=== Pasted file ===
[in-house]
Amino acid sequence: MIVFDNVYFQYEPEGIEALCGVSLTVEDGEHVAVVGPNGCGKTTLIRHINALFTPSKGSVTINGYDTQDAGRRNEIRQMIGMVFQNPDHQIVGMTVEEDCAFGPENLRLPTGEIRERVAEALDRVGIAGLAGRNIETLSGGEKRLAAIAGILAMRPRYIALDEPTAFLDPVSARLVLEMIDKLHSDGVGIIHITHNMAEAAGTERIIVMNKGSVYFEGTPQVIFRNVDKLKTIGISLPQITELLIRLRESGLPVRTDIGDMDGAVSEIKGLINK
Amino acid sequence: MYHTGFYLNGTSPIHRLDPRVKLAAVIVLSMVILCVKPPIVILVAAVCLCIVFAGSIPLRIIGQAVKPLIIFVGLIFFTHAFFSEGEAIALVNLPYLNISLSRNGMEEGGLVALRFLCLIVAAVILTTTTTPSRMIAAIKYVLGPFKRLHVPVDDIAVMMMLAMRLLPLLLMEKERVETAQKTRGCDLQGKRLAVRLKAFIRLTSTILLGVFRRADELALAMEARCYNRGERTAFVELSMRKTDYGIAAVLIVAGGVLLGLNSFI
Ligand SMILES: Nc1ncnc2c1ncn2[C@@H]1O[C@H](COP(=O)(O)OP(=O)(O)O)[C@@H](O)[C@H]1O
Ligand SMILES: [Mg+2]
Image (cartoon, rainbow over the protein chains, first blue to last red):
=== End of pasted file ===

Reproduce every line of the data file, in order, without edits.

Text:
[in-house]
Amino acid sequence: MIVFDNVYFQYEPEGIEALCGVSLTVEDGEHVAVVGPNGCGKTTLIRHINALFTPSKGSVTINGYDTQDAGRRNEIRQMIGMVFQNPDHQIVGMTVEEDCAFGPENLRLPTGEIRERVAEALDRVGIAGLAGRNIETLSGGEKRLAAIAGILAMRPRYIALDEPTAFLDPVSARLVLEMIDKLHSDGVGIIHITHNMAEAAGTERIIVMNKGSVYFEGTPQVIFRNVDKLKTIGISLPQITELLIRLRESGLPVRTDIGDMDGAVSEIKGLINK
Amino acid sequence: MYHTGFYLNGTSPIHRLDPRVKLAAVIVLSMVILCVKPPIVILVAAVCLCIVFAGSIPLRIIGQAVKPLIIFVGLIFFTHAFFSEGEAIALVNLPYLNISLSRNGMEEGGLVALRFLCLIVAAVILTTTTTPSRMIAAIKYVLGPFKRLHVPVDDIAVMMMLAMRLLPLLLMEKERVETAQKTRGCDLQGKRLAVRLKAFIRLTSTILLGVFRRADELALAMEARCYNRGERTAFVELSMRKTDYGIAAVLIVAGGVLLGLNSFI
Ligand SMILES: Nc1ncnc2c1ncn2[C@@H]1O[C@H](COP(=O)(O)OP(=O)(O)O)[C@@H](O)[C@H]1O
Ligand SMILES: [Mg+2]
Image (cartoon, rainbow over the protein chains, first blue to last red):